An alliance of three opposition parties won parliamentary elections in St. Kitts and Nevis, denying its prime minister a fifth consecutive term in power, officials said today, according to the Associated Press (AP).
The final result came on a day of confusion over the deal in the release of the preliminary results by the Director of Elections and in the backdrop of months of political manoeuvring over a motion of no-confidence that the opposition was trying to bring against the government.
AP said that outgoing Prime Minister Denzil Douglas conceded defeat late this afternoon, extending his congratulations to the Team Unity coalition led by Timothy Harris, a former minister in his Cabinet.
“I wish our newly elected government well,” said Douglas, who had been prime minister since 1995.
Harris, the prime minister-elect for his bloc as it begins a five-year term, called it a “great day” for the twin-island country.
Final results from Monday’s election were still pending, but the Team Unity alliance said it won at least seven of the 11 seats in Parliament.
AP said that Elections Supervisor Wingrove George was widely criticized earlier today after he suspended reporting of partial results.
The Organization of Eastern Caribbean States and other observers called for ballot counting to be expedited. Political leaders from other regional nations said George’s office needed to hurry up and deliver the results, which had been expected early in the day since St. Kitts and Nevis has only about 36,000 registered voters.
“The region’s reputation for democracy and for free and fair elections will be under threat as long as this issue in St. Kitts and Nevis remains unresolved,” Trinidad and Tobago Prime Minister Kamla Persad-Bissessar had said in a statement.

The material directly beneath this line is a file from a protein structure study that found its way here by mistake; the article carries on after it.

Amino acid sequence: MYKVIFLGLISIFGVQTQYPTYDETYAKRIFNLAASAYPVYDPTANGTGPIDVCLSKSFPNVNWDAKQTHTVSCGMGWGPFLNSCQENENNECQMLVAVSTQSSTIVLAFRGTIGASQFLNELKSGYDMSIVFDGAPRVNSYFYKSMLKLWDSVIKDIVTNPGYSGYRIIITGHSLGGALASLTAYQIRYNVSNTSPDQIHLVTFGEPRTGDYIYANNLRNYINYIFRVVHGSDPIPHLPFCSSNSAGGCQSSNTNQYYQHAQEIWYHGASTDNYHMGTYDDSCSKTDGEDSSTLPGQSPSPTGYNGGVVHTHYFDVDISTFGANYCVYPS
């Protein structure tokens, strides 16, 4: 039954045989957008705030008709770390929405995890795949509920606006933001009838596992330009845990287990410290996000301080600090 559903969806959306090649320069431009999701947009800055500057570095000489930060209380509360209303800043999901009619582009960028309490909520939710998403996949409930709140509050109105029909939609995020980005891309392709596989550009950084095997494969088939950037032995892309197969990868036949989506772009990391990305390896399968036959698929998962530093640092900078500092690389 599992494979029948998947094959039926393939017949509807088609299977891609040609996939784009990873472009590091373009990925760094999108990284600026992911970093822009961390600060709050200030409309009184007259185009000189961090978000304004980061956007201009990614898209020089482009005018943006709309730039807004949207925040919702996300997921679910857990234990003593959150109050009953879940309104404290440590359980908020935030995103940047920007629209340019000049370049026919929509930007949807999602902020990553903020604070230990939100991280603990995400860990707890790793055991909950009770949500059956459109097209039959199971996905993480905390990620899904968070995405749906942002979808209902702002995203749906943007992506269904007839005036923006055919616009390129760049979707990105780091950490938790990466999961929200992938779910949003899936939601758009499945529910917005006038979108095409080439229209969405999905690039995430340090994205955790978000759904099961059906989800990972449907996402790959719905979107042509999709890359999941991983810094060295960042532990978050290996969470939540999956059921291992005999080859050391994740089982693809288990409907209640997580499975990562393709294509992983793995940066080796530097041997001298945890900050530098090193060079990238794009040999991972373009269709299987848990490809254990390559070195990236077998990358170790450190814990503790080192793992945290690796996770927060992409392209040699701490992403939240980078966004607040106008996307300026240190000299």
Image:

AP said that George had told state-owned radio and TV station ZIZ that some candidates were contesting preliminary results, slowing an official announcement from his office.
“We don’t want to hurriedly make decisions and determinations that we can’t recall,” George was quoted as saying, AP said.
An earlier statement issued by Caricom on the situation follows:
CARICOM Chairman, Prime Minister Perry Christie of The Bahamas has said the Caribbean Community is extremely concerned that the results of the preliminary count of yesterday’s general elections in St. Kitts and Nevis has not been officially declared, and he has called on the Supervisor of Elections to do so without further delay.
In a Statement issued today, the CARICOM Chairman also called on all concerned to fulfil their obligations in the electoral process, respect the will of the people and ensure that the democratic traditions of the Caribbean Community are upheld.
Christie congratulated the people of St. Kitts and Nevis for the peaceful manner in which the voting was conducted, despite some challenges.
His full statement follows
STATEMENT FROM THE CHAIRMAN OF CARICOM,
- HON. PERRY G. CHRISTIE, PRIME MINISTER OF THE BAHAMAS
On behalf of the Caribbean Community, I congratulate the people of St. Kitts and Nevis for the peaceful manner in which polling at the general elections was conducted yesterday, 16 February 2015. In a preliminary report to the CARICOM Secretary-General, the Chief of the CARICOM Electoral Observation Mission stated that the process was generally orderly, despite some challenges.
CARICOM is therefore extremely concerned that the Supervisor of Elections has not yet officially declared the results of the preliminary count. The Caribbean Community calls on the Supervisor of the Elections to do so without further delay. The time-honoured practice in St. Kitts and Nevis has been to release the preliminary results of elections within hours of the close of the polls. The non-release of the preliminary results is therefore unacceptable and creates a climate of uncertainty.
I call on all concerned to fulfill their obligations in the electoral process, to respect the will of the people of St. Kitts and Nevis and to ensure that the democratic traditions of our Caribbean Community are upheld.